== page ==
Concerns regarding adverse cardiac effects of antiretroviral therapy have recently emerged. Protease inhibitors have been associated with an increased risk of myocardial infarction that is partially due to dyslipidaemia. Ritonavir-boosted atazanavir is commonly used as part of combination treatment in IDUs because of its modest effect on lipid levels and also due to the simplicity of once daily dosing. However, it has other associated risk factors and intolerability due to hyperbilirubinaemia is also an issue.
There is also growing concern with reports of long QT syndrome and torsade de pointes in IDUs. This patient group have several risk factors that increase their susceptibility. Methadone is well recognised to cause long QT syndrome and torsades de pointes through inhibition of a cardiac potassium channel, the major component of which is encoded by the human ether-a-go-go gene (HERG). Multiple HERG polymorphisms have been identified that are clinically silent but may confer vulnerability to arrhythmia by a triggering event. Protease inhibitors also have the potential to cause QT prolongation. This may be mediated by direct effects on HERG channels or by potentiating the effects of other drugs through inhibition of CYP3A, or both. Concurrent use of protease inhibitors and methadone might pose an additive risk of QT prolongation and a few cases have been reported recently. Additionally, co-infection with hepatitis C is also recognised to prolong the QT interval.
Raltegravir has been shown to have no effect on the QT interval in a single, supratherapeutic dose in humans and in multiple doses in an animal model. It also exhibits negligible inhibition of HERG current in vitro and has been found to have little to no effect on cytochrome P450 enzymes.
In summary, efficacious virologic and immunologic response, safe use in hepatic impairment, non-inhibition of CYP enzymes, lack of QT effect, and favourable lipid and side effect profile indicate that raltegravir could be a preferred option for first-line treatment in this patient group.
This study will be carried out as a Phase 4, Multi-Centre Open Label, Investigator Led, Randomised Pilot Study to compare the efficacy, safety and tolerability of raltegravir (Isentress™) with protease inhibitor-based therapy atazanavir/ritonavir (Reyataz™/Norvir™) in treatment naïve, HIV/Hepatitis C co-infected injecting drug users receiving methadone. Patients who are attending a drug treatment clinic, who are on methadone maintenance therapy, who fulfill standard criteria to receive antiretroviral therapy (ART) and who meet all other study specific eligibility criteria will be invited to participate in the study.
Eligible patients, who are willing to participate in the study and who agree to comply with all study treatments and procedures, will be randomized to treatment with either:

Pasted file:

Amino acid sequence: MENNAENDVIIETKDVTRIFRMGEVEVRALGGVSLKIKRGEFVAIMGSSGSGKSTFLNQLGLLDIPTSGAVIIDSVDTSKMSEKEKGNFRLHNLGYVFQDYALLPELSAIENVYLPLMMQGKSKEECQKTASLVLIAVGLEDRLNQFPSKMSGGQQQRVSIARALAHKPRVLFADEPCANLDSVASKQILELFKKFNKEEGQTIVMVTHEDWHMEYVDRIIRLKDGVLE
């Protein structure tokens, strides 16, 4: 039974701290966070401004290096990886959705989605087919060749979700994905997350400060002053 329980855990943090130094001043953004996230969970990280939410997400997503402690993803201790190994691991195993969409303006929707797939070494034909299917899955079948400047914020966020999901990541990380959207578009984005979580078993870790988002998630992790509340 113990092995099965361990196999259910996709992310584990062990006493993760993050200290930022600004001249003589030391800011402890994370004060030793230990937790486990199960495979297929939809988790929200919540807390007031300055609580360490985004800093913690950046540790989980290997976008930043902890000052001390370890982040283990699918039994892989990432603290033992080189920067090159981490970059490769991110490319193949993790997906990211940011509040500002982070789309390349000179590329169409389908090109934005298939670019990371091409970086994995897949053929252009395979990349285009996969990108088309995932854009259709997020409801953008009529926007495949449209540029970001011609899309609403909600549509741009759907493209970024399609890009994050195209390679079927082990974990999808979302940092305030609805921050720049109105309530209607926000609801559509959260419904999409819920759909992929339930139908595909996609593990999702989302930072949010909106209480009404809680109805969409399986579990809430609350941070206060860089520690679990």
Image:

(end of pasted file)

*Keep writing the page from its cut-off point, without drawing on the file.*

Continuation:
As per the recommended guidelines, both treatment regimes will be combined with a nucleoside reverse-transcriptase inhibitor (NRTI) backbone of tenofovir and emtricitabine, but can be changed due to toxicities as per the discretion of the investigator or other medically qualified designee.
The total study duration for subjects completing the entire study will be approximately 100 weeks. During this time subjects will attend the clinic for 11 study visits at Baseline, Weeks 4, 12, 24, 36, 48, 60, 72, 84 and 96 and an End of Study Visit, 4 weeks post completion of treatment.
Subjects' participation in this study will end following the End of Study Visit (or early withdrawal visit if applicable). Once subjects have completed their participation in this study they will be treated as per routine standard care for this patient population.
Written informed consent will be obtained prior to any study procedures being conducted. Patients will have an initial baseline assessment prior to treatment initiation. This will include a medical history, physical examination and electrocardiogram. Baseline laboratory tests will include a resistance profile, CD4 count, viral load, hepatitis C status, full blood count, liver blood tests and renal profile.
Patients will be re-assessed at 4, 12, 24, 36, 48, 60, 72, 84 and 96 weeks post initiation for treatment efficacy, safety, tolerability and compliance. Follow-up blood tests will be drawn to assess virological and immunological response to treatment as well as routine blood tests to detect hepatitis C status, liver/renal toxicities and haematological abnormalities. ECG evaluation for QT abnormalities will be performed at baseline and at weeks 4, 12, 48 and 96. A follow up safety visit will be conducted 4 weeks post completion of therapy. Monitoring for adverse events will take place throughout the study period and continuity of care, as per standard medical care for this patient population, maintained after the patients have completed the study at the respective sites.
|Study Type ICMJE||Interventional|
|Study Phase||Phase 4|
|Study Design ICMJE||Allocation: Randomized
Endpoint Classification: Safety/Efficacy Study
Intervention Model: Parallel Assignment
Masking: Open Label
Primary Purpose: Treatment
|Study Arm (s)||
* Includes publications given by the data provider as well as publications identified by ClinicalTrials.gov Identifier (NCT Number) in Medline.
|Recruitment Status ICMJE||Recruiting|
|Estimated Enrollment ICMJE||40|
|Estimated Completion Date||December 2012|
|Estimated Primary Completion Date||December 2012 (final data collection date for primary outcome measure)|
|Eligibility Criteria ICMJE||
|Ages||18 Years and older|
|Accepts Healthy Volunteers||No|
|Location Countries ICMJE||Ireland|
|NCT Number ICMJE||NCT01105611|
|Other Study ID Numbers ICMJE||CB-2010-01, 2010-018326-39|
|Has Data Monitoring Committee||Yes|
|Responsible Party||Professor Colm Bergin, St. James's Hospital, Dublin, Ireland|
|Study Sponsor ICMJE||St. James's Hospital, Ireland|
|Collaborators ICMJE||Not Provided|
|Information Provided By||St. James's Hospital, Ireland|
|Verification Date||March 2010|